Dealing with Distance

Luke and I met when he was starting his masters program in Boston and I was finishing up my bachelor’s degree in Rhode Island. This was the closest the two of us have ever been. Since then I have been in Maine and he has been in Canada. Distance has always been hard but when you love someone that much, it’s worth it. Currently I am on clinical rotations for pharmacy school that have been taking me all over the country and I am currently in the Washington DC area.

The week after I moved to DC for my rotation, Luke went to the hospital in excruciating pain. He is the type that never seeks out medical care so I knew something was wrong and took the next flight out to be with him. I helped him through the weekend but then I had to fly home and go back to work. His blood tests in the hospital had come back a little off so they asked him to follow up with a hematologist. Unfortunately I wasn’t able to stay for the follow up, and that evening he got the diagnosis.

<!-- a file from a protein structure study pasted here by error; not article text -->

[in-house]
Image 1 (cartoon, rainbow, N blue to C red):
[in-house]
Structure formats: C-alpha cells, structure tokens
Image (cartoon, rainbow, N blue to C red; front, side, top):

Hearing the diagnosis of Cancer brings so many emotions: fear, anxiety, uncertainty, depression, and so on. Hearing that and being completely alone amplifies those emotions. Luke was completely alone when he got the diagnosis and I was completely alone when he told me.

Since then Luke has been nothing but positive even on his worst days. His family is now with him and helping him out. His colleagues and friends have been to visit. Everyone is sending out positive vibes, prayers, thoughts, and support.

Where does this leave me?

I am still in DC. I have two weeks left of my rotation here and time seems to have slowed. I feel completely alone. I have family and friends who text to check in on me, and ask about Luke, and support us in so many ways, but being alone can really make things difficult.

I am not there to help him when he isn’t feeling well from side effects. I am not there to ask questions or to advocate for him. I am not there to be an emotional support. I am not there to help his family as they try to help us. I am not there to learn about all of his treatments. I’m not there to learn about what our future looks like. I am not there when he needs me.

Simply put, I am not there; I am here and I have never felt so far away.

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